The Food and Drug Administration’s Gastrointestinal Drugs Advisory Committee has voted against the accelerated approval of Intercept Pharmaceuticals’ obeticholic acid (OCA) for treatment of nonalcoholic steatohepatitis (NASH) with stage 2 or 3 fibrosis.
This is the second time that Intercept has sought FDA approval for OCA in treating NASH.
The committee voted 12 to 2 (with 2 abstentions) that the benefits of OCA did not outweigh the risks to this patient population. While OCA showed a modest benefit of improving fibrosis in NASH patients, safety concerns included increased risk for drug-induced liver injury (DILI), cholelithiasis, pruritus, dyslipidemia, and dysglycemia.
Committee members were most concerned with the increased risk for DILI in patients taking OCA. Intercept said that frequent monitoring for DILI in such a large eligible population – an estimated 6-8 million individuals taking the drug to treat the condition – would be difficult.
“Typically, in clinical practice, NASH patients are followed every 6-12 months, so more frequent monitoring would be a substantial change and may not be achievable outside of the clinical trial setting,” according to a briefing document released before the committee meeting.
The FDA estimates that 16.8 million U.S. adults have NASH, with 5.7 million having NASH with advanced fibrosis, according to briefing documents. NASH is the second leading cause of liver transplants in the United States and is the. There are currently no FDA-approved therapies to treat NASH.
OCA, sold under the commercial name Ocaliva, was first approved in 2016 to treat primary biliary cholangitis, and is prescribed at up to 10 mg per day. Intercept proposed that OCA be given in daily 25-mg doses in the treatment of precirrhotic fibrosis attributable to NASH.
In 2019, Intercept initially filed for a new drug application (NDA) for OCA for the treatment of precirrhotic fibrosis attributable to NASH but were issued a Complete Response Letter after the FDA determined that the medication had an “unfavorable risk benefit-risk assessment.” Intercept resubmitted an NDA for OCA in December 2022, including two 18-month analyses from a phase 3 study, REGENERATE (Randomized Global Phase 3 Study to Evaluate the Impact on NASH with Fibrosis of Obeticholic Acid Treatment). In the study, which included data from 931 patients, OCA 25 mg outperformed placebo in improving fibrosis with no worsening of NASH over 18 months, one of two primary endpoints of the clinical trial. The estimated risk difference ranged from 8.6 to 12.8 across different analyses, which the FDA categorized as a “modest treatment effect.”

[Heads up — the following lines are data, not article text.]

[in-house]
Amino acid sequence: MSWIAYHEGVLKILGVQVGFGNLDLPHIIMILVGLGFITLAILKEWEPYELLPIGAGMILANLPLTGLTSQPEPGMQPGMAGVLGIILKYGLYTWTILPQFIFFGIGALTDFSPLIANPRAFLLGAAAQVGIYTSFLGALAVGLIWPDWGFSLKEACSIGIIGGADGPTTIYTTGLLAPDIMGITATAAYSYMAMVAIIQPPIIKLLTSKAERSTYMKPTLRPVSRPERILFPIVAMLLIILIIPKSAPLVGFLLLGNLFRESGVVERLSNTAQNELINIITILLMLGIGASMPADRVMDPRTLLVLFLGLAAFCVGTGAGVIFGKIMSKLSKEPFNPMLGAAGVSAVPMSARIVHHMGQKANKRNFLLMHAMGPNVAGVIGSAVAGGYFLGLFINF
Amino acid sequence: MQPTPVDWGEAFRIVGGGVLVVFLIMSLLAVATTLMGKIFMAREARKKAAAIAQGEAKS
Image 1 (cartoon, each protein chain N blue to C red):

There was no significant difference between OCA 25 mg and placebo in NASH resolution with no worsening fibrosis. Both endpoints were surrogate endpoints, meaning that they were “reasonably likely to predict clinical benefit.” The FDA noted that it is not known if a decrease in fibrosis stage would lead to clinically meaningful outcomes, such as reduction in liver-related events.
The committee members voted 15-1 to defer approval until clinical outcome data is submitted and reviewed. The FDA has set a target decision date regarding the accelerated approval of OCA for NASH for June 22, 2023.
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